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DOJ Charges Six for DDoS-for-hire Services, Kills 48 Sites

The websites hosted “booter” or “stresser” services

On December 14th, the Department of Justice (DOJ) took control of 48 websites providing “booter” or “stresser” services, which let users launch destructive DDoS attacks cheaply and easily. Six Americans were charged with computer-related offenses for allegedly running the popular DDoS-for-hire services.

Law enforcement agencies globally are working together in Operation Power OFF to take down criminal DDoS-for-hire networks and punish their administrators and users.

The DOJ stated the 48 domains they confiscated assisted the customers of DDoS-for-hire platforms in launching massive amounts of DDoS attacks, capable of disabling websites and entire network service providers. A full list of the sites are below and as of this writing, several of these sites are still online.

Booter services and stresser services are advertised on the Dark Web, chat platforms, and Youtube. Payment is accepted through PayPal, Google Wallet, and crypto, with subscription costs varying from a few dollars to hundreds monthly. Prices depend on attack traffic, duration, and amount of concurrent attacks.

What is a DDoS-for-hire service?

It’s a DDoS attack service that allows anyone to purchase and perform a distributed denial-of-service attack (DDoS attack) for a few dollars. These services are inspired by the software as a service (SaaS) business model, which is profitable because it allows the owner of a IoT botnet to perform the low-overhead attack.

Those charged with the cybercrimes

  • Jeremiah Sam Evans Miller, also known as “John the Dev,” a 23-year-old from San Antonio, is the creator of supremesecurityteam[.]com and royalstresser[.]com. Miller has been charged with conspiracy and Computer Fraud and Abuse Act (CFAA) violations. The complaint alleges Royal Stresser launched near 200,000 DDoS attacks from Nov 2021 to Feb 2022 via their “fully anonymous” services.

Royal Stresser website

Royal Stresser website before it was shut down by the DOJ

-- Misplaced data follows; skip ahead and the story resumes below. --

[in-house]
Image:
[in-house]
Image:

• Joshua Laing, a 32-year-old man from Liverpool, NY, has been charged with multiple CFAA violations related to his alleged involvement in a booter service called TrueSecurityServices[.]io. According to prosecutors, TrueSecurityServices[.]io had a user base of 18,000 between 2018 and 2022 and allegedly conducted over 1.2 million attacks.
  • Corey Palmer, 22 of Lauderhill, FL, and Shamar Shattock, 19 of Margate, FL, were charged with conspiracy for ownership and operation, respectively, of booter.sx and astrostress.com. The latter had 30K users and 700K attacks.
  • Angel Manuel Colon Jr., a 37-year-old from Belleview, Fla., is charged with managing the SecurityTeam stresser service, which allegedly conducted 1.3 million DDoS attacks from 2018-2022 and had 50,000 users. He was charged with conspiracy and CFAA violations.
  • John M. Dobbs, 32, of Honolulu, HI was helping with breaking the CFAA through IPStresser[.]com. The site operated for 13 years until last month, generating 30 million DDoS attacks and gaining 2 million users.

DDoS-for-hire service owners claim no responsibility

Stresser providers and booter providers claim they have no control over how their services are used, and that they’re not breaking the law since their tools can be used for good or bad. Their sites contain Terms of Use that customers must agree to, wherein they only stress-test their own networks and not DDoS attack others. IPStresser’s admin, Dobbs, mentioned in an interview that customers must sign a digital signature to confirm they won’t use it for illegal activities, thus making him immune from liability.

The DOJ states that these disclaimers usually overlook the fact that most booter services heavily depend on continuously scanning the web to gain access to improperly set up gadgets, which are key to maximizing the intensity and effect of DDoS-for-hire assaults.

“Some sites use the term ‘stresser’ in an effort to suggest that the service could be used to test the resilience of one’s own infrastructure; however, as described below, I believe this is a façade and that these services exist to conduct DDoS attacks on victim computers not controlled by the attacker, and without the authorization of the victim,” reads an affidavit by FBI Special Agent Elliott Peterson out of the Alaska field office.